The “default” for quorums for membership meetings and votes under the Corporations Code is one third of the members. Most homeowner association bylaws say the quorum is a majority (of members voting in person, by proxy or secret ballot). Some also say that if the quorum isn’t met, it “drops down” to one third of the members.
Quorum requirements for board action are different and have their own twists. Under Corporations Code section 7211 a quorum is a majority of the number of directors authorized in the articles or bylaws. They can provide for a different quorum with a few quirky rules, including a new one that says that if a specified person is required for a quorum (it would typically be a representative of the project “declarant”) the absence of that person means the quorum doesn’t exist even if all other directors attended the meeting. And, conversely, if there is only one director, she or he can appoint another and those two can appoint a third and in a board of five, those three can then appoint the forth and fifth directors (but usually vacancies created by a membership recall can only be filled by a vote of the members). Unlike membership meetings and votes, quorums for board action cannot be made by use of ballots or proxies. Personal attendance (including telephonic attendance) is required.
Wisconsin Roulette – Act 1
Here’s what happened in Wisconsin. The rules of their Senate required that any law involving spending money could not be approved unless a quorum of Senators were present for the vote. The Democrats’ gambit was to scoot over to and camp out in Illinois thus denying the Republicans the quorum they needed to “do business.”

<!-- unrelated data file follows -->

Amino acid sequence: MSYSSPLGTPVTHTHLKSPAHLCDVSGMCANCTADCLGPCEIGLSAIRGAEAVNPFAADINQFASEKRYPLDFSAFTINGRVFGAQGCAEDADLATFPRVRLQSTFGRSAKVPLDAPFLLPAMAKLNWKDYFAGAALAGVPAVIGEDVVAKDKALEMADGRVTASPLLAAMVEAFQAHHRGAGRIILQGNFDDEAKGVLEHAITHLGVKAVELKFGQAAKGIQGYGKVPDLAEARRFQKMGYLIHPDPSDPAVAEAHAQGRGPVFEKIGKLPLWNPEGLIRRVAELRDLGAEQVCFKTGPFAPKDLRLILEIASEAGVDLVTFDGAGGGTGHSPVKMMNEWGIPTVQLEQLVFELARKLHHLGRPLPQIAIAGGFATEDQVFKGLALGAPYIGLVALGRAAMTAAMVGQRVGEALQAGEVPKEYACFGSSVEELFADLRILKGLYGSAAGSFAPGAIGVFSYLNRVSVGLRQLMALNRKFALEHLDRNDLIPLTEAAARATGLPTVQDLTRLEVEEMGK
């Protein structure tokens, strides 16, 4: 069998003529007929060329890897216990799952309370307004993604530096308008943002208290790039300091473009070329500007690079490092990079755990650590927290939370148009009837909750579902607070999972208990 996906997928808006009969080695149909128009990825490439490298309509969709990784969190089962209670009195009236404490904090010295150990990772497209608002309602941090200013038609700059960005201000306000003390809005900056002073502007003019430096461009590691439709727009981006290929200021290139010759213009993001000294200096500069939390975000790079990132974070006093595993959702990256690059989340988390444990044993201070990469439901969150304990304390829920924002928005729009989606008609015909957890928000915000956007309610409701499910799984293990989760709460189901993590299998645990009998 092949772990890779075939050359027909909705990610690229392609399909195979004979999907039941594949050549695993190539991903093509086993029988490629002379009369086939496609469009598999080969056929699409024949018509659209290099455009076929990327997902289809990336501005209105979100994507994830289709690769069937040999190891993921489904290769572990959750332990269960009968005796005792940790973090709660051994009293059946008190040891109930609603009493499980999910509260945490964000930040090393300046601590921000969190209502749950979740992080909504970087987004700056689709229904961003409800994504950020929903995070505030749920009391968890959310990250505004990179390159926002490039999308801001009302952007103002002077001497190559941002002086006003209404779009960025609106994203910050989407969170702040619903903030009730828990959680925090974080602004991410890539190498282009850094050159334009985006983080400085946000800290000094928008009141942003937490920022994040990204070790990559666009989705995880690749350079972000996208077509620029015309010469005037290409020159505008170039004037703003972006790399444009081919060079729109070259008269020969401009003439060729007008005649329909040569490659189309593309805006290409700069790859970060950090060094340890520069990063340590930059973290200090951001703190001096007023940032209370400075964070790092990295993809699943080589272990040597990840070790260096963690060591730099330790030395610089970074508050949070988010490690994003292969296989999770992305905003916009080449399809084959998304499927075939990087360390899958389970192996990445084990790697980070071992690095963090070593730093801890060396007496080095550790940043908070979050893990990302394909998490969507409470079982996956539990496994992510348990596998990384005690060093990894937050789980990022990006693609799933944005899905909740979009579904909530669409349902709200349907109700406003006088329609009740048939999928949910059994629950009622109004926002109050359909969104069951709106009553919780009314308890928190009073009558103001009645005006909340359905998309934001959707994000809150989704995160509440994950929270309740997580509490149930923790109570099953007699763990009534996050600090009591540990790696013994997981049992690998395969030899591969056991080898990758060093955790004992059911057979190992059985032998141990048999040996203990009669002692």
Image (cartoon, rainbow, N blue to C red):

Could this scenario play out in the world of homeowner associations? Absolutely. Here are some examples:
The Authorized Number of Directors Challenge: If the bylaws authorized five directors but only three are serving, all three would need to be present to establish a quorum so the board could lawfully act. So, if one director opposed a decision supported by the other two, the opposing director could simply not attend the meeting and no action could be taken since the quorum wasn’t met. (There are a number of remedies for this situation but a discussion of them is beyond the scope of this article).
Special Assessment? Under Civil Code section 1366, approval of a large special assessment requires the “yes” vote of a majority of ballots cast once quorum has been met. Under this law, a quorum is more than 50% of the membership. Thus, the fewest number of votes needed to authorize a large special assessment is about 26% of the members. When a vote only needs a majority of a quorum of members, we say the requirement is for a “simple majority” (and this is contrasted with votes requiring a majority of all owners, which are called an “absolute majority”).
Removal of Directors: Generally, it takes a “simple majority” of members to cast ballots in favor of removal of a board for the recall effort to succeed (for incorporated associations of 50 or more separate interests). This is standard stuff but add these two wrinkles: if the recall is against less than the whole board and the bylaws permit “cumulative voting” for the election of directors, removal of any particular director will take far more than a simple majority of members; in fact, in a typical case involving a 100 lot planned development, it would take about 84% of all members to approve the recall of one or more (but less than all) directors for the vote to succeed.
These last two examples mirror what the Republicans achieved in Wisconsin. The careful study of applicable voting rules can guide an association and its members and leaders in framing votes to achieve desired results. For a board, these rules may be used to help achieve goals believed to be in the Association’s best interest. For others, the rules may be used to oppose those goals or the timing, manner or conditions by which they would be achieved. In all cases, how an issue is framed may be among the most important decision made.